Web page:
by AMAN BATHEJA
Republican leaders in both chambers of the Legislature on Monday offered spare first drafts of the state’s next two-year budget that continue $5.4 billion in cuts to public education made last session and freeze funding for an embattled state agency set up to find a cure for cancer.
Upending recent tradition, the Texas Senate is starting off with the leaner budget this session, one that’s about $1 billion smaller than the House budget but spends nearly the same amount in general revenue, the portion of the budget that lawmakers have the most control over. General revenue typically makes up around half of the total budget, with much of the remainder coming from federal funding.
The Senate proposed a $186.8 billion budget, a 1.6 percent drop from $189.9 billion, the amount the current budget is estimated to grow to after lawmakers pay for some unpaid bills in the current budget this session. General revenue spending makes up $89 billion of the budget, up 1.5 percent from the current budget.
The total House budget will be $187.7 billion, down 1.2 percent from the current budget. General revenue spending makes up $89.2 billion, a 2 percent increase from the current budget.
Both proposals drew swift criticism from Democrats and education groups, but Republican lawmakers in both chambers stressed that the budgets are merely starting points.
“The filing of this budget will allow the House to formally begin a discussion about Texas’ priorities,” state Rep. Jim Pitts, R-Waxahachie, the chairman of the House Appropriations Committee, said in a statement. “This bill recognizes the demands of population growth on public schools and Medicaid, and steadfastly maintains the House’s commitment to fiscal discipline.”
State Sen. Tommy Williams, R-The Woodlands and chairman of the Senate Finance Committee, said his chamber’s base budget was developed to “start as close as we can to where we ended in the last session so that this legislature can make the spending decisions.”
The budget process picked up steam last week when Comptroller Susan Combs announced that Texas had $101.4 billion available in general revenue and $11.8 billion in the Rainy Day Fund. Both the House and Senate proposals leave the Rainy Day Fund untouched.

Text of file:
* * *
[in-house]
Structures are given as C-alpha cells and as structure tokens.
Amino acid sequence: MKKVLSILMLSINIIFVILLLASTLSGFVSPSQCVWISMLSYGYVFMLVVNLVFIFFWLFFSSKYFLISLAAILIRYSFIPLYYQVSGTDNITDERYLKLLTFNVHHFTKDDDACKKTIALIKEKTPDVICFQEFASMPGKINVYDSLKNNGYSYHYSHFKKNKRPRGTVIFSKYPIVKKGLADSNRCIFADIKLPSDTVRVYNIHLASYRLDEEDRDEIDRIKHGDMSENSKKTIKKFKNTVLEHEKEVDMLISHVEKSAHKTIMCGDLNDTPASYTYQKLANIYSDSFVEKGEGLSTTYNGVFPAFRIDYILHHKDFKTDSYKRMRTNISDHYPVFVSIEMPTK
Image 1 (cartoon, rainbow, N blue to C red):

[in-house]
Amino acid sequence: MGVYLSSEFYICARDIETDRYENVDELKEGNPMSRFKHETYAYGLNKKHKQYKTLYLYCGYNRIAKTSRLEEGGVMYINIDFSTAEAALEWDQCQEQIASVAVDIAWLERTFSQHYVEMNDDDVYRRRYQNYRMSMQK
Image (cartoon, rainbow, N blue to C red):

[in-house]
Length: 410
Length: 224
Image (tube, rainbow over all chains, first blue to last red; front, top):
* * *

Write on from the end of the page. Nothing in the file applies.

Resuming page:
The Center for Public Policy Priorities, a liberal think tank in Austin, has said the state needs to spend $96 billion in general revenue to keep state services at the current level and $108 billion to restore the cuts from the last session. The proposals laid out Monday are more apt for the Texas of three or four years ago, said Eva DeLuna Castro, a budget expert with the group.
“We’re trying to write a budget for 2014 and 2015, and this comes nowhere near what’s needed to fix our schools, ensure access to health care and do something about congestion on our roads — the basic things,” Castro said.
The differences in both budgets are a mix of competing calculations about the growth in certain state programs. Lt. Gov. David Dewhurst noted that a full $400 million of the smaller size of the Senate budget is a result of how the two chambers are estimating growth in Medicaid enrollment. The Senate’s budget is based on August 2013 enrollment, while the House’s is based on the August 2015 enrollment levels. Dewhurst said senators would update their numbers throughout the session as more data became available.
Both budgets freeze funding for the Cancer Prevention and Research Institute of Texas, or CPRIT, Foundation which has drawn widespread criticism for charges of cronyism in relation to rewarding of some grants. The Texas attorney general, Travis County district attorney and state auditor’s office are all investigating whether the agency broke the law in their distribution of grant funds.
Dewhurst predicted that lawmakers would pass measures to reform the agency this session “so that the full confidence and the trust of the Texas people is behind this noble pursuit.” He did not rule out restoring the agency’s funding over the course of the budget process.
Both budgets dispense with the practice of using billions of dollars collected largely from fees levied on Texans and stockpiled in different accounts known as the state’s dedicated funds. Various lawmakers, including Gov. Rick Perry, have spoken in recent months about unwinding this practice. Williams said lawmakers likely can’t afford to undo their use of dedicated funds completely this session.
“My suspicion is it’s going to take two or three sessions to bring that in for a landing where we don’t rely on that, but a good start is to begin with a budget that doesn’t rely on the [General Revenue] Dedicated balances,” Williams said.
Before they can pass the next two year budget, lawmakers must pass a supplemental budget addressing more than $6 billion in unpaid bills left over from the last session.
AMAN BATHEJA reports for the Hays Free Press where this story was originally published. It is reprinted here through a news partnership between the Free Press and the San Marcos Mercury.